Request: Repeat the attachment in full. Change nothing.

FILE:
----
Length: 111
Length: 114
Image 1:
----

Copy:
Length: 111
Length: 114
Image 1: